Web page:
Last week, we started on the subject of Probate Grant and Letter of Administration, and we stated that Grants are typically issued within 7 days of the death of the deceased where there is a Will, and within 14 days where there is none. We concluded that to obtain a Grant of Probate or Letter of Administration requires knowledge and skill.
This week, we shall be considering the categories of Grants, among others. It is important to highlight that exploring these details are aimed at helping you take informed decisions that will help minimise crises and ensure seamless transfer of your wealth across generations.
Generally speaking, there are three types of Grants viz:
- Grant of Probate with a Will: In this instance, the Executors have been appointed in the Will. The key preoccupation of the Court is to grant Probate to the Executors named in the Will who will be saddled with the task of carrying out the wishes of the Testator (writer of the Will).
- Grant of Probate without Appointed Executors: In this regard, there is a Will (the deceased died testate), but the Will does not name any person(s) as Executor(s), or the Executors have long died or renounced probate. In some cases, the Executors may be incapable of applying for Probate due to incapacity or because they are now offshore. In such instances, the courts issue the Grant of Probate to persons that may be interested in the Estate in order to implement the wishes of the Testator. The Court thus, exercises discretionary power in the discharge of its mandate.
- Grant of Administration without a Will: In this respect, the deceased person passed on without making a Will (died intestate) and so did not have the privilege of appointing Executors to take up the administration of the Estate. The focus of the Court here is concerned with the Grant of Administration to persons whom the Court feels would best run the Estate taking into cognisance the priorities x-rayed by law and the nature of the interest of the applicants in the Estate.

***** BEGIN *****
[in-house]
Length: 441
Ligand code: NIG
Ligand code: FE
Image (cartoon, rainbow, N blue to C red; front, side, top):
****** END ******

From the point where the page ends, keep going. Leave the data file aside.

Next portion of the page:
A Grant may either be general or limited. In general Grants, the personal representative has the authority to act in respect of the entire Estate. This extends to all the properties in the Estate without limits.
On the other hand, limited Grants may be issued with the following conditions:
- Limited to time; for instance, until an infant attains maturity
- Limited to a portion of the Estate and not the entire Estate
- Limited in purpose; for instance, a Grant for the use and benefit of a person with disability
It is pertinent to note the difference between a Grant and a letter of Administration. It is also important to understand the kinds of Grants one may be issued in the wake of a loved ones’ passing. Likewise, one must be knowledgeable about the differences between appointing an Executor and obtaining a Grant.
For individuals who have lost loved ones, FBN Trustees can assist with obtaining legal rights to execute your Estate. For those looking to set up an Estate Plan in order to seamlessly transfer wealth to your loved ones, FBN Trustees can advise you on the most appropriate Estate Planning vehicle that will suit your objectives. We will also support you with the set up.
Contact us today to request a consultation with an FBN Trustees expert. Call, text or send a WhatsApp message to +234 (0) 805 4000 299, or email to firstname.lastname@example.org to request a consultation with one of our experts. Connect with us on Twitter – @fbnquest, on Facebook or LinkedIn at fbnquest.
Also tune in to the Legacy Series radio show on Classic 97.3 FM Lagos by 7pm on Mondays or Cool 96.9FM Abuja by 8.30am on Tuesdays for more insights on Trusts, Wills, Executorship and Estate Administration.
Visit www.fbnquest.com/legacyseries for more information.
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